11. Bob Ladd said,

    December 29, 2018 @ 11:50 am

    And Philip Taylor, may I ask in what sense we are "very much poorer" for having lost classics tuition in schools?

    Somewhat related: anyone reading Neville Gwynne on these matters should also read the relevant chapter in Lane Greene's new book on language, "Talk on the Wild Side", which was definitely a standout Christmas present for me this year.

  12. BroD said,

    December 29, 2018 @ 11:56 am

    Obviously, there is a disconnect between Xi and his speechwriters. There are simple remedies. Finger-pointing is not helpful.

  13. andy said,

    December 29, 2018 @ 1:30 pm

    Alex, I think there are two issues: one, the (mis)match between public figure and communication style – in this case, Xi is ill-suited to deliver speeches replete with classical allusions, and might be better served by a more plain style. But there are also cultural norms that determine the "appropriate" style for a politician in high office. I cant speak for Mandarin, but the folksy, familiar style used by American politicians would come across as overly informal for a politician in French (even in Canada let alone in France).

  14. Philip Taylor said,

    December 29, 2018 @ 1:51 pm

    Bob Ladd ("in what sense we are 'very much poorer' for having lost classics tuition in schools ?"). I have quoted Neville Gwynne on this topic in another thread. Let me just summarise here, and refer the interested reader (and your good self) to the original, more lengthy, quotation from his Introduction.

    "For much of [the history of education during the last thousand years or so] Latin, together with Greek, […] actually was education. [..,.] The reason for this exclusive concentration on Latin and Greek in schools was not, […] that our ancestors supposed there to be no need to study the other basic subjects […] No, the reason that the non-classical subjects were not taught in schools was they they were considered to be so easy by comparison with Latin and Greek, especially to people with minds and characters trained by the study of the Classics, that it was not thought worth wasting valuable schoolroom time on them."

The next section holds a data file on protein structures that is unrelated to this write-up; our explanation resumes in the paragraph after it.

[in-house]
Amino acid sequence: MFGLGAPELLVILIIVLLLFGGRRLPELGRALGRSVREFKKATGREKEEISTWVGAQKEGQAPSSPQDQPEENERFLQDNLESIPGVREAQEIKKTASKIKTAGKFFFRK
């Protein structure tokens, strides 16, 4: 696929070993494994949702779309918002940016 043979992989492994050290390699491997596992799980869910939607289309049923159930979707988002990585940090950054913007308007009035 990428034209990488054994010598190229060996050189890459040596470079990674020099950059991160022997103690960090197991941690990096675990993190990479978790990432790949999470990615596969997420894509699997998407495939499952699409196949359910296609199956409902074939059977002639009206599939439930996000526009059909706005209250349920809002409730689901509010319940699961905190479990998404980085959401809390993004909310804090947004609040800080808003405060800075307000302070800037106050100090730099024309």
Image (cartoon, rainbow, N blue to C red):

NMG goes on to say :

    — Latin is an academic subject easy enough for the least intelligent of us to grasp all its basic elements, and yet difficult enough to be demanding for its greatest scholars.

    — As an instrument for training mind and character, Latin has no parallel.

    — For well over a thousand years, Latin was the means of communication that united the whole of Europe.

    — Latin is the direct ancestor of […]the five so-called Romance languagesof the largest European language group, and of both the official South American languages (Spanish and Portuguese).

    followed by a further dozen or so similar bullet-points.

    As I said at the end of my original quotation of NMG "Standing on the shoulders of giants (in this case Neville M Gwynne), I rest my case".

  15. RfP said,

    December 29, 2018 @ 2:18 pm

    @ Bob Ladd: Thank you so much for mentioning Lane Greene!

    I missed that you had mentioned the name of his new book, so I accidentally found and started reading the sample from his previous book, You Are What You Speak, and was rewarded with this really cool quote from John McWhorter's Foreword: